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Using Kerberos

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Using Kerberos

Using Kerberos


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  • Sometimes, you don’t have Kerberos-aware tools or clients. Then you use your Cryptocard.
  • There may be non-encrypted segments of a ‘stacked’ connection.
  • Transcript

    • 1. Using Kerberos
      • the fundamentals
    • 2. Computer/Network Security needs:
      • Authentication
        • Who is requesting access
      • Authorization
        • What user is allowed to do
      • Auditing
        • What has user done
      • Kerberos addresses all of these needs.
    • 3. The authentication problem:
    • 4. Authentication
      • Three ways to prove identity
        • Something you know
        • Something you have
        • Something you are
      • Kerberos is ‘something you know’, but stronger.
      • Fermilab computers that offer login or FTP services over the network cannot accept passwords for authentication.
      Increasing Strength
    • 5. What is Kerberos Good For?
      • Verify identity of users and servers
      • Encrypt communication if desired
      • Centralized repository of accounts (Kerberos uses ‘realm’ to group accounts)
      • Local authentication
      • Enforce ‘good’ password policy
      • Provide an audit trail of usage
    • 6. How does Kerberos Work? (Briefly)
      • A password is shared between the user and KDC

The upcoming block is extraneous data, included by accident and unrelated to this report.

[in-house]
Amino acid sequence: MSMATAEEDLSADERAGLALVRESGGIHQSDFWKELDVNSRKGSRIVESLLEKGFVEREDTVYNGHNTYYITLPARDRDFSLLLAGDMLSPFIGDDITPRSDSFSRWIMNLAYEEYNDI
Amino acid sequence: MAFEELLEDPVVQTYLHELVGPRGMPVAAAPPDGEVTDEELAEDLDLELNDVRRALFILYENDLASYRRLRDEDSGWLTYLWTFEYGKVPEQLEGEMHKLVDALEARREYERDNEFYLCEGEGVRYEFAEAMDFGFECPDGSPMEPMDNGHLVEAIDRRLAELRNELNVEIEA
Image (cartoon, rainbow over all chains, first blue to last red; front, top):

• Credentials are called tickets
      • Credentials are saved in a cache
      • Initial credential request is for a special ticket granting ticket (TGT)
    • 7. Using Kerberos
      • MS Windows
        • Windows domain login
        • 3rd party Kerberos tools
          • WRQ Reflection
          • MIT Kerberos for Windows (KfW) Leash32
          • Exceed
      • Unix, Linux and Mac OS X
    • 8. MS Windows
      • Domain login
      • Kerberos Ticket (Windows Kerbtray.exe application)
      • Notice realm - FERMI.WIN.FNAL.GOV
    • 9. MS Windows Managing Credentials
      • MIT Kerberos for Windows (KfW) http://web.mit.edu/kerberos/
      • Notice realm - FNAL.GOV
    • 10. MS Windows Managing Credentials
      • WRQ Kerberos Manager
    • 11. MS Windows Managing Credentials
      • OpenAFS Token
    • 12. UNIX, Linux, Mac OS X
      • Kerberos tools:
        • kinit
        • klist
        • kdestroy
        • k5push
      • Clients:
        • telnet, ssh, ftp
        • rlogin, rsh, rcp
    • 13. Things to watch for:
      • Cryptocard gothas.
      • SSH end-to-end?
    • 14. Cryptocard Gotchas
      • Where is that ‘kinit’ command running? (Beware of remote connections.)
      • Cryptocard doesn’t mean encryption. (Cryptocard authentication yields a Kerberos credential cache.)
    • 15. SSH considerations
      • Use cryptocard authentication yields an ecrypted connection.
      • Need to be aware where the endpoints of the SSH connection are. (Beware of ‘stacked’ connections.)
      Local Host Remote Host Remote Host telnet ssh